At least five New York regions are gearing up to begin the second phase of the state's reopening process, but the timeline remains cloudy
ALBANY — New York is set to further ease coronavirus restrictions across much of the state as soon as later this week, allowing retail establishments to open their doors to customers for the first time since mid-March.
Five New York regions are expected to soon enter the second of four reopening phases laid out by Gov. Andrew Cuomo, with hair stylists, barbers and real-estate agents among those who will get the green light to return to work.
The second phase promises to get more people out of their homes and into various stores and shops, a major test for the state that has been ravaged by more than 23,000 deaths at the hand of COVID-19, the disease caused by the coronavirus.
But so far, business owners have gotten little guidance from the state when it comes to exactly who will be in line to open and what kind of across-the-board restrictions will remain in place, such as possible capacity reductions for retail stores.
And Cuomo hasn't set an exact date for some regions to begin the second phase, though Friday marks two weeks since five regions began phase one, which the Democratic governor had originally laid out as a key benchmark.
"The state will be releasing detailed updates on what industries and businesses are included in each phase as soon as possible," said Kristin Devoe, a spokeswoman for Empire State Development, the state's business-focused branch.
"As with businesses that were allowed to reopen during phase one, businesses allowed to reopen during phase two will similarly be subject to forthcoming health guidance."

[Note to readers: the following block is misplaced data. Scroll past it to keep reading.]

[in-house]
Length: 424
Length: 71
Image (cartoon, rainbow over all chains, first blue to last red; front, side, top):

Here's what we know about phase two as of Wednesday:
When does phase two begin?
As of Wednesday, Cuomo hasn't set an exact date that the eligible regions can begin the second phase.
When Cuomo first laid out his reopening plan, he said he wanted to allow at least two weeks in between phases to account for an incubation cycle of the coronavirus.
That would mean Friday is the earliest date the first five regions can begin the second phase.
In recent days, however, Cuomo and his top aides have allowed for more flexibility.
"We said two weeks between phases," Cuomo said Tuesday. "That’s a rule of thumb. There is no magic or science to that, that isn’t a hard-and-fast number … but if you see no increase in any of the numbers could you accelerate that, yes."
Robert Duffy, president and CEO of the Greater Rochester Chamber of Commerce, said he is anticipating guidance from the state in the coming days.
Duffy, Cuomo's former lieutenant governor, chairs the Finger Lakes Regional Control Room, a panel of local leaders tasked with monitoring regional coronavirus data for the state.
"We think we'll have the announcement at some time this week from the governor," said Duffy.